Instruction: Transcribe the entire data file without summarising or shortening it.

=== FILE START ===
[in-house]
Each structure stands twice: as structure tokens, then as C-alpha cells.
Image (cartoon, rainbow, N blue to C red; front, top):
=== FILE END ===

[in-house]
Each structure stands twice: as structure tokens, then as C-alpha cells.
Image (cartoon, rainbow, N blue to C red; front, top):